Pocket dialing 911 strains emergency operator workload

EVERETT -- Have you ever accidentally called 911 on your cell phone?

Maybe your kids dialed the number or you accidentally pocket dialed. Either way, dispatchers still have to find out if there’s a problem – possibly taking precious time away from legitimate emergencies.

Emergency operators at SNOPAC in Everett took a whopping 37,000 abandoned or unintentional 911 calls already since September. That number is likely to grow in 2015.

Hundreds of calls ring into the center each day, but some callers hang up before dispatchers can figure out if there’s an actual emergency.

“It happens all the time,” said Karl Christian.

When that happens it means even more work for operators.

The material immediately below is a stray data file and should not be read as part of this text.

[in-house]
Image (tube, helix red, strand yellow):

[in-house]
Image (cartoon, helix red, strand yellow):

“Could be 30 seconds, could be 2 minutes trying to call you back trying to find out what the problem is,” said Christian.

Nearly 73% of all of the calls coming into SNOPAC are from cell phones, which is above the national average.

Depending on the caller’s phone and the carrier, finding the exact location could be extremely difficult.

“The more and more people that are using wireless opposed to hard line, it’s just a problem that’s going to keep growing,” Christian said.

“You never know which one of these 911 calls is going to be the one that has a victim that can’t talk on the phone,” said Lt. Robert Goetz with the Everett Police Department.

Police will sometimes search for the caller themselves if dispatchers believe an emergency is underway.

Everett Police said they would do their best to make sure nobody’s in danger.

“Even if we get information that it’s just kids playing on the phone because you never know what that might be. It could be a victim of a crime and just a little child is calling 911,” Goetz said.

If you accidentally call 911 on your cell phone, SNOPAC operators would rather you stay on the line and explain what happened so they don’t waste even more time trying to reconnect.